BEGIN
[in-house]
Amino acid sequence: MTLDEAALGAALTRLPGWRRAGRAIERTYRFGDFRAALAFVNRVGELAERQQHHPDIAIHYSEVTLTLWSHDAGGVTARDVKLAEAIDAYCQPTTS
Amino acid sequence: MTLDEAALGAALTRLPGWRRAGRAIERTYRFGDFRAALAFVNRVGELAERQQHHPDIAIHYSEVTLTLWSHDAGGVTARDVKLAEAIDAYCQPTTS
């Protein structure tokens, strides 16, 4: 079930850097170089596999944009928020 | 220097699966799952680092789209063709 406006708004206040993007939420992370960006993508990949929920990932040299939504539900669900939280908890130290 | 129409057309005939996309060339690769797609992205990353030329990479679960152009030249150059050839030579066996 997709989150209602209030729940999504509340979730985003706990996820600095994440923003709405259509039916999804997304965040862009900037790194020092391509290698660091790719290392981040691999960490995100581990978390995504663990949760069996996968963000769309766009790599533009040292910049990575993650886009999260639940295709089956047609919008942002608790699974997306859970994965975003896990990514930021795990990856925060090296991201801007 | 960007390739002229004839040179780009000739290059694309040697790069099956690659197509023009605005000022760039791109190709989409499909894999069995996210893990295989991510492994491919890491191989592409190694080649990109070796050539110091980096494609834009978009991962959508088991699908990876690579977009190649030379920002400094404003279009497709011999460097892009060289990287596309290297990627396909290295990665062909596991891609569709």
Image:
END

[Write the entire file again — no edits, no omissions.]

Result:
[in-house]
Amino acid sequence: MTLDEAALGAALTRLPGWRRAGRAIERTYRFGDFRAALAFVNRVGELAERQQHHPDIAIHYSEVTLTLWSHDAGGVTARDVKLAEAIDAYCQPTTS
Amino acid sequence: MTLDEAALGAALTRLPGWRRAGRAIERTYRFGDFRAALAFVNRVGELAERQQHHPDIAIHYSEVTLTLWSHDAGGVTARDVKLAEAIDAYCQPTTS
């Protein structure tokens, strides 16, 4: 079930850097170089596999944009928020 | 220097699966799952680092789209063709 406006708004206040993007939420992370960006993508990949929920990932040299939504539900669900939280908890130290 | 129409057309005939996309060339690769797609992205990353030329990479679960152009030249150059050839030579066996 997709989150209602209030729940999504509340979730985003706990996820600095994440923003709405259509039916999804997304965040862009900037790194020092391509290698660091790719290392981040691999960490995100581990978390995504663990949760069996996968963000769309766009790599533009040292910049990575993650886009999260639940295709089956047609919008942002608790699974997306859970994965975003896990990514930021795990990856925060090296991201801007 | 960007390739002229004839040179780009000739290059694309040697790069099956690659197509023009605005000022760039791109190709989409499909894999069995996210893990295989991510492994491919890491191989592409190694080649990109070796050539110091980096494609834009978009991962959508088991699908990876690579977009190649030379920002400094404003279009497709011999460097892009060289990287596309290297990627396909290295990665062909596991891609569709």
Image: